In field studies and early adoptions, the standard sequences defined by ASHRAE Guideline 36 consistently balance energy conservation and control accuracy. This reveals that many tried-and-true conventional sequences of operation are indeed broken in some way. Many additional requirements of the guideline more fully leverage the power of facility automation to create a better built environment. There is no question that in this case, the fix requires change, and the change brings complexity. But the changes brought by ASHRAE Guideline 36 are well aligned with the capabilities of Reliable Controls and our Authorized Dealers.

The guideline mandates that every object in the database be operator adjustable; the dynamic controller database and intuitive user interfaces inherently support this requirement. A dramatic change to control strategy presents a challenge to configurable terminal unit controllers; every Reliable Controls device is freely programmable and can deploy advanced, dynamic, changing strategies without difficulty. The strategies tightly integrate terminal units with central plant equipment, which increases demands on network bandwidth at the controller level, a challenge for many application-specific devices; Reliable Controls terminal unit controllers are BACnet building controllers designed to efficiently facilitate significant network interaction. The air terminal unit applications demand airflow accuracy that many low-cost controllers struggle to deliver; the MACH-ProAir features an industry-leading airflow sensor.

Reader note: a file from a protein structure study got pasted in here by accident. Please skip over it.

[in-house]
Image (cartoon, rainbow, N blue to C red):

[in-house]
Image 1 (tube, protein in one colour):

We are not alone. The engineering community is not the only influence in our sphere to standardize. Many peers also use operational standardization and even application-specific devices to improve their operational efficacy and efficiency. ASHRAE Guideline 36 represents an important synergy between standard high-performance designs and standard control applications. Its complexity is a compelling argument for the development and deployment of standard applications. Subsequent installments of insight will describe Reliable Controls standard applications for ASHRAE Guideline 36 sequences of operation. Properly implemented, Guideline 36 provides an excellent foundation for quality consistency.

1 ASHRAE RP-1455, Advanced Control Sequences for HVAC Systems: Phase I Air Distribution and Terminal Systems.

2 In compliance with ANSI/ASHRAE/IES 90.1 and related standards.

3 In a reverse-acting control loop like heating or static pressure, trim reduces the setpoint. In a direct-acting control loop like cooling, trim increases the setpoint.

4 In a reverse-acting control loop like heating or static pressure, trim increases the setpoint. In a direct-acting control loop like cooling, trim decreases the setpoint.

ASHRAE Standing Guideline Project Committee 36. 2018. ASHRAE Guideline 36-2018 High-Performance Sequences of Operation for HVAC Systems. Atlanta: ASHRAE.

ASHRAE Standing Guideline Project Committee 36. 2018. ASHRAE Guideline 36-2018 High-Performance Sequences of Operation for HVAC Systems. Atlanta: ASHRAE.

Schieber, Peter. 1987. “The Wit and Wisdom of Grace Hopper.” Yale University Computer Science, originally published in The OCLC Newsletter,,that%20runs%20counter%2Dclockwise.%22.

Surden, Esther. “Privacy Laws May Usher in ‘Defensive DP’: Hopper.” Computerworld, 10(4), 9. January 26, 1976,